In recent years, Afghanistan had been getting better because both men and women were present in the community together. Women had the right to vote, work and study. They knew their natural rights and they worked hard to get them. The Taliban have returned Afghanistan to what it was 20 years ago which is really unfortunate.
I am now in Australia with my family away from suicide, war and bloodshed. Everything here is a new experience for me, and this year is the first Ramadan we are in Australia.
I am hoping for a better world for all human beings.
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To make the dough:
Combine the flour, sourdough and salt in a bowl. Now add water and stir together to make a homogeneous mixture. Once the dough starts to form, you can add a little more water as necessary but the dough shouldn’t be too sticky. You don’t want it to stick to your hands.
Knead the dough well and cover it with cellophane (called cling film or glad wrap in Australia). Let it rest for 20 minutes.
Prepare the filling:
Boil the potatoes. When they are cooked, leave to cool then peel and grate them. Chop the scallion (called gandana in Dari).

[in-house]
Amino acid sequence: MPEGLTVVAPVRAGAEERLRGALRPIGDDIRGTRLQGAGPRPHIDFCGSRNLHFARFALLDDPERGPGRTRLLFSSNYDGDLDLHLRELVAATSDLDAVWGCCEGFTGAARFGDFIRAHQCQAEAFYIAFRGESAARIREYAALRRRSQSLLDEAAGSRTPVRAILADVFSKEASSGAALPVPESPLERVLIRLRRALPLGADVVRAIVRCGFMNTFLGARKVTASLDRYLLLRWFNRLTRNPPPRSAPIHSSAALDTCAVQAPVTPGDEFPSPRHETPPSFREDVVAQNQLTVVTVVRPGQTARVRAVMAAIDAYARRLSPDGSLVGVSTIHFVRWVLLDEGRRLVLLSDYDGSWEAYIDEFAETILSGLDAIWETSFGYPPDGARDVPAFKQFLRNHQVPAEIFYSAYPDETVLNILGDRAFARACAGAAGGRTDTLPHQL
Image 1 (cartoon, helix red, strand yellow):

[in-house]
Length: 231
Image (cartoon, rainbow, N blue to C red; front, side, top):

Now pour two tablespoons of oil into the pan and heat up on the stove top. Add the green chilies and chopped onion into the pan and cook for about 2 minutes until softened a little and slightly browned.
Remove the pan from the heat and add the grated potatoes, chopped Gandana (scallion), salt and pepper and mix together.
Take the dough out of the bowl and divide it into 10 equal parts. Form into balls.
Sprinkle a little flour onto a board and place one of the ten pieces of dough on it, flattening it into a circle with a diameter of about 20cm. (It’s a little bigger than a Cornish pasty. It doesn’t need to be too exact. Sometimes it is bigger than 20cm depending on the size of the pan and the person that make it.)
Place a little of the prepared filling on half of the dough circle so that these ingredients are one centimeter away from the edge of the circle. (Don’t use as much as you might in something like a Cornish pasty as these are flatbreads.)
Now fold the other empty half of the dough over the half with the stuffing and press the edges of the dough so that they stick together. You can use your fingers or a fork to do this.
Do the same for the other doughs balls.
Once you have filled all the dough with the ingredients, you need to fry them. Pour a few drops of oil into the pan and fry both sides of the bolani in the pan. You can press the bolani with a small wooden spoon while frying them so that they fry evenly. Now Bolani is ready to serve.
Our favourite way to eat this delicious food is with buttermilk, chutney or garlic minted yogurt.